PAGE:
See all reviews of The Green Hornet (3)

Mark Waid is burning it up with The Green Hornet lately and we got a fresh issue this week to see how high that flame can get. Is it good?


Mark Waid’s The Green Hornet #7 (Dynamite Entertainment)



Missed our review of issue #6? Read it here.

Last month we finally got to see Kato and Green Hornet team up in their semi-villainous endeavors. You see, they’ve decided to work on the wrong side of the law, but only to get closer to the top of the villain chain. This means pretending to be bad guys to convince the gangs they are legit. This issue expands on that as Green Hornet and Kato decide they need to get bigger to sustain their detective work.


Recap page done right.

Mark Waid continues to write clearly with consistent additions to keep the read interesting. This issue adds a new member to the team, the opening of a radio station and a huge reveal of where the bad guy Hornet has been after for the last few issues now. The issue does bog down a bit with dialogue, as there aren’t so many things for the characters to do, but more for them to plot and plan. That said, the developments are interesting enough to keep you turning the pages with anticipation.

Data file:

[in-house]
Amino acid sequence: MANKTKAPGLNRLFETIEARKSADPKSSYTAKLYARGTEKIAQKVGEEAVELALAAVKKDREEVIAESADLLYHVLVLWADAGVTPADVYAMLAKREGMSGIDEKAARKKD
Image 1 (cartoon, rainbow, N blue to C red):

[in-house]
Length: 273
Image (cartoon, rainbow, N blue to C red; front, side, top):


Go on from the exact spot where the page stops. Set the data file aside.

Bling bling!

Artist Ronilson Freire continues to do good work, especially with the layouts. I’m starting to notice some panels seem to be referencing classic films—in this issue the bad guy and how he holds a firing gun—which is a nice touch that adds a subliminal level of the older setting. Clearly one of his strengths is faces, and he gets to show off his work on a few panels that’ll visualy blow your mind. And it’s a just a face!


Scary superhero work there, Hornet.

8.5

  • Interesting developments that’ll keep your story-starved brain sated
  • Great layouts
  • Little dialogue heavy with not much action

Is It Good?

This is a very good crime comic with superhero undertones. Obviously Hornet isn’t super, but Mark Waid is setting up a superhero team that’s interesting and fresh. That’s saying a lot when you consider how repetitive most hero books are these days.